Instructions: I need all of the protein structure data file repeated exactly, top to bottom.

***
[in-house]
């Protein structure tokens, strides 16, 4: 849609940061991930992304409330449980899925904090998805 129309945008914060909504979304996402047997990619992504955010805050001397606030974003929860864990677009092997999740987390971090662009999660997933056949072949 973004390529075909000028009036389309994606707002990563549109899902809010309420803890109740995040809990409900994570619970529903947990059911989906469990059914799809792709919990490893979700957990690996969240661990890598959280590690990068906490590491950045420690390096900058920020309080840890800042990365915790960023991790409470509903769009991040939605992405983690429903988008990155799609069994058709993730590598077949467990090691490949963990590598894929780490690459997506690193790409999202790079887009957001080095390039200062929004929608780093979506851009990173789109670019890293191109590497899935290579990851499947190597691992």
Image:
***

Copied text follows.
[in-house]
């Protein structure tokens, strides 16, 4: 849609940061991930992304409330449980899925904090998805 129309945008914060909504979304996402047997990619992504955010805050001397606030974003929860864990677009092997999740987390971090662009999660997933056949072949 973004390529075909000028009036389309994606707002990563549109899902809010309420803890109740995040809990409900994570619970529903947990059911989906469990059914799809792709919990490893979700957990690996969240661990890598959280590690990068906490590491950045420690390096900058920020309080840890800042990365915790960023991790409470509903769009991040939605992405983690429903988008990155799609069994058709993730590598077949467990090691490949963990590598894929780490690459997506690193790409999202790079887009957001080095390039200062929004929608780093979506851009990173789109670019890293191109590497899935290579990851499947190597691992």
Image: